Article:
The door was broken, the rooms were bare;
A dog like Wolf was skulking within,
But neither the wife nor children were there.
Dame! Judith! Rip! The mouldering walls
Gave a dismal echo to his calls,
And the cur ran growling out of view:
My dog, he muttered, forsakes me, too!

When out in the street he stood once more
Strange children jeered wherever he came,
Strange dogs were barking from every store,
Each sign-board flaunted an unknown name.
So towards the Inn he made, with a pack
Of boys and women behind his back.
Alas! when he reached the wonted place
What mystery stared him in the face?

THE UNION HOTEL stood on the site
Which the old stone Tavern held of yore,
'T was a wooden building painted white,
With a liberty-pole anigh the door.
And where King George, with his face benign,
Still looked both ways from the swinging sign,
They had painted a soldier's trappings on,
And labelled him General Washingon.

THE UNION HOTEL stood on the site Which the old stone Tavern held of yore,

A crowd of people was there in front,
A lean, long-featured, talkative throng.
Rip saw not one of the gossips wont
To lounge and smoke with him all day long,
But caught such words of a loud oration
As Congress, Freedom, this glorious Nation,
And heard the farmers about him say
It was fairish weather for 'Lection Day.

My! how they jibed at his beard and hair,
And flouted his ragged, mildewed coat!
The orator saw him standing there,
And paused to ask him how he would vote,
And whether he entered their peace and quiet,
With a mob at his heels, to breed a riot?
Rip paled at the thought of such a thing,
And said he was loyal to the King.

A tory! they shouted, -- a British spy!
Look out for his weapon! Seize his arm!
Let's give him his fill of royalty!
Rip faltered out that he meant no harm,
He once had friends in the neighborhood,
And would like to hear of them, if he could.
Well, tell us their names, old fellow, they said,
You seem to have risen from the dead.

Where's Landlord Vedder? His grave is filled,
Said a little old man, these eighteen years!
Brom Dutcher? At Stony Point was killed.
Van Bummel, then? O, he, it appears,
Is a member of Congress, famous grown.

Rip sickened to find himself alone,
His house a ruin, his friends gone past:
Where's Rip Van Winkle? he said at last.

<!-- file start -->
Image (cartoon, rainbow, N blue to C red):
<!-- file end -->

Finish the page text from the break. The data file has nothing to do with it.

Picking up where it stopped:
Van Winkle? Yonder, the lazy elf,
Smoking his pipe beneath that tree.

Rip saw with wonder his very self,
Or another like him as like could be;
That's me, indeed, -- that's Rip! 't is true!
I'm not myself, and all is so new, --
Last night I slept on the mountain, -- and now
I'm changed, and my dog is gone, and my vrouw!

Rip, the old man won't hurt you, dear!
Said a mother who led her child that way.
The wanderer turned as it caught his ear:
Kind woman, what is your name, I pray?
Judith. His eyes began to twinkle;
And your father's? His name was Rip Van Winkle.
One time -- 't was twenty years since, alack!
He went a hunting, and never came back.

And where's your mother? he asked at length.
She died in a bleeding-fit, last year,
Scolding a peddler beyond her strength,
Just after I married Gardenier.

One change for the better among the rest!
Thought Rip, and he caught her to his breast.
Judith! I am your father! he cried,
Lost all this time on the mountain side.

And there's my son, -- and it makes me weep,
For only last night, it seems to me,
He was small as your's -- and I went to sleep --
Now I'm old, and I don't know how it can be.
And your husband, -- he's one of the little boys
Who sat and watched me making their toys.
Does nobody, then, in all this crowd,
Know Rip Van Winkle?
he sobbed aloud.

I used to know him, said one old dame,
When he went away he was in his prime;
Why, yes! 't is himself, the very same!
Sho! where have you travelled all this time?

Rip told his tale to the crowd about,
But they shook their heads with prudent doubt,
Till Peter Vanderdonk came along,
The sage and counsellor of the throng.

He vouched for Rip, and declared he knew,
From a wise tradition handed down,
That Sir Hendrick Hudson and his crew
Still haunted the mountain near the town;
Each twentieth year they gathered there;
Whoever should meet with them, and dare
To drink of their flagon, would slumber then
Till the twentieth year came round again.

Rip lived in peace at his daughter's home,
And trotted his grandchild on his knee,
Nor after that was he known to roam,
But smoked his pipe, a widower free.
With an old man's right, he sat once more
On the bench in front of the tavern door,
And told his tale, as I tell it to-day,
To every stranger who passed that way.

And still, we the Autumn days are warm,
Though fourscore years have speeded by,
You can hear a sound like a thunder-storm
Pass over those mountain summits high;
You can hear the echoes rattle and roll
With every ball that the Dutchmen bowl,
Far up in the heart of the Hudson hills,
The lordly, beautiful Kaaterskills.


Rip Van Winkle And His Wonderful Nap
Copyright 1870
Boston: Fields, Osgood, and Co.